Pediatric trauma centers have an excellent reputation when it comes to caring for children when compared to their adult counterparts. Overall mortality for major trauma is lower. Splenectomy rates and the use of angiography are less in children with solid organ injury. And because of this expertise, it is common for surrounding trauma centers of all levels transfer these patients to the nearest pediatric trauma center.
But is this always necessary? Many of these children have relatively minor injury, and the pediatric trauma centers can be few and far between unless you are on one of the coasts. Researchers at the University of Washington, Harborview, and Seattle Children’s looked at their experience with pediatric transfers (or lack thereof) with spleen injury.
They retrospectively looked at 15 years of transfer data. The Seattle hospitals are the catchment area for a huge geographic area in the northwest, and the state trauma system maintains detailed records on all transfers to a higher level of care. Patients 16 years or younger with low grade (I-III) spleen injury were included. In an effort to narrow the focus to relatively isolated spleen injury, patients were excluded if they had moderate injuries in other AIS body regions.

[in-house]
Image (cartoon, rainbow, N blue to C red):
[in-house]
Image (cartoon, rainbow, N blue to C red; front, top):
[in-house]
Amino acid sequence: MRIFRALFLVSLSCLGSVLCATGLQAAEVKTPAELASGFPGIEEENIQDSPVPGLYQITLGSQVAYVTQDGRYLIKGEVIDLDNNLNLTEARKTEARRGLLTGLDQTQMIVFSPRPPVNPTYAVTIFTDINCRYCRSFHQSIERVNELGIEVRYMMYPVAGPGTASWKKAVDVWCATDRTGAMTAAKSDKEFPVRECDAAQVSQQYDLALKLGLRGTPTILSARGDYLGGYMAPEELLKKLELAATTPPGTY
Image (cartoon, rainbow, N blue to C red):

Here are the factoids:
- During the study, over 54,000 patients were admitted to hospitals, but only 1,177 had isolated, low grade spleen injury
- About 20% presented directly to a Level I or II trauma center, 30% presented to a lower level center and were transferred, and 50% stayed put at the lower level center they to which they presented
- 40 patients (3%) underwent an abdominal operation presumably for their spleen, but there was no difference based on which hospital they presented to or whether they were transferred
- The incidence of total splenectomy was not different among the three groups
- Likewise, there was no difference in ICU admission or ICU length of stay
- The only significant difference was that patients who were not transferred to a pediatric center usually spent an extra day in the hospital
Bottom line: Injured children tend to do well, regardless of where they are treated. This study is huge and retrospective, which can cause analysis problems. And even given the size, the total number eligible for the study was relatively small. But it is the best study to date that shows that it is possible to treat select low grade injuries at non-pediatric, non-high level trauma centers. However, before going down this path, it is extremely important to define specific “safe” injuries to manage, and to have an escape valve available in case the patient takes an unexpected turn.